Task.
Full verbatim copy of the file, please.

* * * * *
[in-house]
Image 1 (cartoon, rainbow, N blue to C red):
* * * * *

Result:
[in-house]
Image 1 (cartoon, rainbow, N blue to C red):